The decision of who gets to hoist the Stanley Cup in triumph after the team captain is sometimes an easy one, such as when a team has a veteran near the end of his career who hasn't won a championship before.
And sometimes it's a very special moment.
Sidney Crosby added another emotional chapter to the tradition of the Stanley Cup handoff by giving it to Trevor Daley in honor of his mother.
Daley had played 12 NHL seasons and missed the final nine playoff games this year with a broken ankle, but Crosby gave him the Cup first because his mother, Trudy, is battling cancer and she wanted to see this.
''He had been through some different playoffs, but getting hurt at the time he did, knowing how important it was, he had told me that he went and seen his mom in between series and stuff, she wasn't doing well, she wanted to see him with the Cup,'' Crosby said after the Pittsburgh Penguins beat the San Jose Sharks in Game 6 on Sunday night. ''That was important to her. I think that kind of stuck with me after he told me that.''
Much like Doug Weight of the Carolina Hurricanes struggling to lift the Cup with a bum shoulder in 2006, Daley needed to check with doctors to make sure he could skate and actually celebrate on his left ankle. The 32-year-old just wanted to hold the 34 1/2-pound Cup - he just didn't realize he'd be the first after Crosby.
''I told him, `No,' but he said, `You got it first,''' Daley said. ''`When I came out he said, `You're first to get it.' It was pretty cool.''
Then it went to popular teammate Pascal Dupuis, who had to stop playing hockey several months ago because of blood clots. Crosby said it was special to have Dupuis around and that it meant a lot for the 37-year-old winger to raise the Cup again after they won it together in 2009. Back then, Crosby gave it to trade-deadline acquisition Bill Guerin, who already had a ring.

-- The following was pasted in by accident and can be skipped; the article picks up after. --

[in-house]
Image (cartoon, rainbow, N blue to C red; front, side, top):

Some of the most memorable handoffs have come when players finally win the Cup before calling it a career.
It was a no-brainer for Joe Sakic to hand the Cup to Ray Bourque in 2001 after the longtime Boston Bruins defenseman helped the Colorado Avalanche win it all in his 22nd and final NHL season. Chicago Blackhawks captain Jonathan Toews knew in advance he would give it to Michal Handzus in 2013 and to veteran Kimmo Timonen last year.
Toews told Timonen during the morning skate of Game 6 in Chicago that he'd be getting it first.
''He said, `Holy something,' and he skated off really fast,'' Toews said after the Blackhawks beat the Tampa Bay Lightning. ''I kind of expected him to get fired up, maybe raise his heart rate a little bit.''
Two years ago, an injured veteran defenseman also got the Cup first when Los Angeles Kings captain Dustin Brown handed it to Robyn Regehr, who hadn't played since the second round because of a knee ailment.
Aside from Bourque, whose sentimental choice was a no-doubter, the most emotional Cup giveaway in recent history came after the Detroit Red Wings swept the Washington Capitals in 1998. Steve Yzerman gave it to Vladimir Konstantinov, who was in a wheelchair following a limousine accident the previous summer and never played again.
And now it's Daley's turn.
''He's a great player, but he's an even better person,'' Daley said of Crosby. ''There's not much more you can say about that guy. He's a special guy.''
AP Sports Writer Josh Dubow in San Jose, California, contributed to this report.